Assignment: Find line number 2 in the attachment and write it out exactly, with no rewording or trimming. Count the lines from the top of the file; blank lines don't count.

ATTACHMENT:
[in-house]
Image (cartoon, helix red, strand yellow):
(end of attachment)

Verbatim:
Image (cartoon, helix red, strand yellow):